The union, in flowering plants, of two sperm nuclei, where one sperm nucleus unites with the egg to form the diploid zygote, from which the embryo develops and the other unites with a diploid secondary nucleus and forms endosperm. (OR) Fertilization is the characteristic of seed plants in which one sperm nucleus fuses with the egg nucleus to form an embryo and the other fuses with polar nuclei to form an endosperm.
Process of Double Fertilization in Flowering Plants
The events of the double fertilization process are described below:
1. Transference of mature pollen grains from anther takes place to the stigma of the same flower or different flowers.
2. The pollen grain becomes turgid and swollen by absorbing sugary stigmatic fluid. The inner wall or intine of the pollen grain is stretched and comes out in the form of a pollen tube through the germ pore.
3. Before the formation of the pollen tube, the nucleus of the pollen grain divides to form two daughter nuclei, of which the larger one is called the tube nucleus and the smaller one is called the generative nucleus.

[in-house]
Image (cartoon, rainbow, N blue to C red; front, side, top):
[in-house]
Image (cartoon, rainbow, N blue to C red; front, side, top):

4. The growth of the pollen tube is influenced by the sugary substances secreted by the stigma.
5. The pollen tube grows in length through the style, the tube nucleus lies at the tip of the pollen tube. The generative nucleus which lies behind the tube nucleus now divides to form two male gametes.
6. The entry of the pollen tube within the ovule depends upon the types of the ovule and the point through which it enters within the ovule. Entry through the micropyle is called porogamy, entry through the chalaza is called chalazogamy, and if it enters through the integuments the process is called mesogamy.
7. After entering the ovule, it makes its way by destroying the nucellar tissue toward the embryo sac. The pollen tube penetrates the embryo sac, the tip of the pollen tube gets disorganized and the male gametes are discharged into it.